To our knowledge, no study has ever reported a decrease in the NT fraction of myc+ plants. This is not necessarily surprising since a high disparity exists among the performed studies. Differences in plants species and developmental stages, in fungal species, in growth conditions and in techniques are obvious. For example, in the two most recent studies (Adolfsson et al., 2017; Schmidt et al., 2017), the analytical methods used could not detect NT levels. Another explanation for the NT levels not being reported may be that the NT fraction is not metabolically active; however, any fluctuation in NT levels may indicate, albeit indirectly, changes occurring in the other CK fractions. Thus, high NT levels likely reflect a low turnover into active FBs or RBs, whereas low NT levels could suggest a high conversion into more metabolically active CK fractions (Figure 1).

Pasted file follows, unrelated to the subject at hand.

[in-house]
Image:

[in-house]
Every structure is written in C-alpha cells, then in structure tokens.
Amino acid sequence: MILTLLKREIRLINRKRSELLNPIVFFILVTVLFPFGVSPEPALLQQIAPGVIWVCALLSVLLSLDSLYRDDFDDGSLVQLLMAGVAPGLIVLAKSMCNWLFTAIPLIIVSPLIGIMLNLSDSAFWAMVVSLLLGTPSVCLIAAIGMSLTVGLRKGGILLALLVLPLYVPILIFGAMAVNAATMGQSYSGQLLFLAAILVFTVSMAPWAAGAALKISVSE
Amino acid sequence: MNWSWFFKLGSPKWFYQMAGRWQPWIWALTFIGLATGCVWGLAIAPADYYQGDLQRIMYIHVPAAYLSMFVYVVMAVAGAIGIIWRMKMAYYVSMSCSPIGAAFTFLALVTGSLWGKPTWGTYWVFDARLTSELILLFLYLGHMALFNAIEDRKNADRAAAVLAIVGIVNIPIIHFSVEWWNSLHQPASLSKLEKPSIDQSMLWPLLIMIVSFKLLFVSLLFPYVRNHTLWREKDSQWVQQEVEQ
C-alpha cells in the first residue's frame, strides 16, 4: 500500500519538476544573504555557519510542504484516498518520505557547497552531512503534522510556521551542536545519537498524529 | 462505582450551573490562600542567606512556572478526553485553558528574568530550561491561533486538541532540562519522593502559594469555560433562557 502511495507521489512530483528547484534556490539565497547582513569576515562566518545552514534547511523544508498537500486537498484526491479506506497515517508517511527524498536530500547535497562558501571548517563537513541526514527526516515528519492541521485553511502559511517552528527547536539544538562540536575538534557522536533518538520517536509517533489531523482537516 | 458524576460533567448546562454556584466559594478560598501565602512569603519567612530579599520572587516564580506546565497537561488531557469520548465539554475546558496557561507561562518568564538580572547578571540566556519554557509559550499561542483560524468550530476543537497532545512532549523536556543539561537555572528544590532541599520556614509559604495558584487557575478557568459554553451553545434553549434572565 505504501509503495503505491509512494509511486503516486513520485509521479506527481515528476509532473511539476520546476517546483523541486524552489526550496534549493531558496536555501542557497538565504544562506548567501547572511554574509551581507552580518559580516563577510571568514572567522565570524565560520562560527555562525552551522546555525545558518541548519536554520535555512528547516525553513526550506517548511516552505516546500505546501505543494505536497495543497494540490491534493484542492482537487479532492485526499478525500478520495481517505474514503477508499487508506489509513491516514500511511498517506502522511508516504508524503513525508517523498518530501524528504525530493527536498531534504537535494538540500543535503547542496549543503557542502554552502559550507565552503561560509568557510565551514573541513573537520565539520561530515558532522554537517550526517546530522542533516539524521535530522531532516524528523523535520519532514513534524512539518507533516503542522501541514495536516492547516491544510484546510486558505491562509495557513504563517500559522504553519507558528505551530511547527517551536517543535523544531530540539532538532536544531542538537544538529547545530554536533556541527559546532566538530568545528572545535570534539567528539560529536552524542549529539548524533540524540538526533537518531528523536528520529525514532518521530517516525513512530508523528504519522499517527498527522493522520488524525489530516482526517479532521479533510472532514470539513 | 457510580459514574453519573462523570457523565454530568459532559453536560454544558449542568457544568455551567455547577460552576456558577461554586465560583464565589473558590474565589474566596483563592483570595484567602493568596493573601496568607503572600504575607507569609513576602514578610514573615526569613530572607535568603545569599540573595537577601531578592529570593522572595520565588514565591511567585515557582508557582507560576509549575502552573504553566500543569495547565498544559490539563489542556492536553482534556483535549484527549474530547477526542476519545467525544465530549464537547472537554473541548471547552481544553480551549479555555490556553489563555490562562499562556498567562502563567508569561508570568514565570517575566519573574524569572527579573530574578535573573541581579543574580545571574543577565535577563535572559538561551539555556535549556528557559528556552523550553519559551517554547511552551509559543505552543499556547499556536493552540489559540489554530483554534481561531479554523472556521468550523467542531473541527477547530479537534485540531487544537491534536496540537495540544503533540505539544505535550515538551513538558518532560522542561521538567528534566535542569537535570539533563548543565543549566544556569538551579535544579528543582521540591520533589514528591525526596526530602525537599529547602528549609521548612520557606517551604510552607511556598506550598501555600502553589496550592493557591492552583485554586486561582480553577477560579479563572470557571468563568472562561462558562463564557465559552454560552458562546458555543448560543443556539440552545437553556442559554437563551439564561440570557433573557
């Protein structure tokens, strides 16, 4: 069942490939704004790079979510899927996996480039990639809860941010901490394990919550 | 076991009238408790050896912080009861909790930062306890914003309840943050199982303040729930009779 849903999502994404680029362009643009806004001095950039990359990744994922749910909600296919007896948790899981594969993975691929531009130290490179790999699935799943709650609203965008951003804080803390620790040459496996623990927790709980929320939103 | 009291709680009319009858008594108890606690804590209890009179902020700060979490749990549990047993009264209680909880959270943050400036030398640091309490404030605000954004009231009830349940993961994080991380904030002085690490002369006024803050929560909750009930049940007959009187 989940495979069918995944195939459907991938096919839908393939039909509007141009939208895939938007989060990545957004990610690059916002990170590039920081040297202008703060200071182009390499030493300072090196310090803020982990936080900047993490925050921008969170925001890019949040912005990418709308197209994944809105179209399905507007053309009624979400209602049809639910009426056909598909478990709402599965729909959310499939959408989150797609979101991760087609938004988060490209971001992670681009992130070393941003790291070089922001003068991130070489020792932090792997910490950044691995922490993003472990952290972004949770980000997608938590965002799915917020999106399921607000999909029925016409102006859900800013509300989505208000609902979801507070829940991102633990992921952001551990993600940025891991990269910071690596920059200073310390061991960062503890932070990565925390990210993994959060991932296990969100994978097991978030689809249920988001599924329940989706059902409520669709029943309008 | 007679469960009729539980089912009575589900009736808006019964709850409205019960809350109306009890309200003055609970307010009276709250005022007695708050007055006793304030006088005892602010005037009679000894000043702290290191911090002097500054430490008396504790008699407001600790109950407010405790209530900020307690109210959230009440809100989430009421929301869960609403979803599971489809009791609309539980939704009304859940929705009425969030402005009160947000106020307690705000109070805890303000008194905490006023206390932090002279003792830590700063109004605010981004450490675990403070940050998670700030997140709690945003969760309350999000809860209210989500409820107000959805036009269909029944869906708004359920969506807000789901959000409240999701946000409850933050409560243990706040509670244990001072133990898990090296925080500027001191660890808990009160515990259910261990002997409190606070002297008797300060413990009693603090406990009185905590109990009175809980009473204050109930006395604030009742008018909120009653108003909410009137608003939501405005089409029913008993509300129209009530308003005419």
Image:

In most of the previous works, CK levels were shown to be higher in myc+ plants than in myc- plants, and the RB fraction appeared to be the most sensitive to the fungal presence. This fraction was higher in roots (e.g., flax in Drüge and Schönbeck, 1992; tobacco in Ginzberg et al., 1998) and shoots (M. lupulina in Yurkov et al., 2017) of myc+ plants. Furthermore, the changes observed depended on the infection rate (Drüge and Schönbeck, 1992) and the P levels to which the plants were exposed (Plantago major in Baas and Kuiper, 1989; leek in Torelli et al., 2000). RBs are considered the main form by which CKs are transported between roots and shoots (Ko et al., 2014; Zhang et al., 2014). In our study, we did not see any differences in the RB levels between myc- and myc+ plants and this may be because the CK profiles were analyzed early in the AM symbiosis, i.e., 13 DAI. This result is consistent with that of Dixon et al. (1988), who found that AM development increased RB transport from root to shoot in Citrus jambhiri, and that this effect was much weaker early in development (15-day-old) than later, with the strongest effect occurring in 90-day-old plants. It would be logical that RBs are transported in much higher quantities when nutrient exchange is well underway between the two partners of the symbiosis. An increase in CK translocation from the roots to the shoot could be part of the positive feedback thought to take place between AM functioning and shoot CKs (Cosme et al., 2016).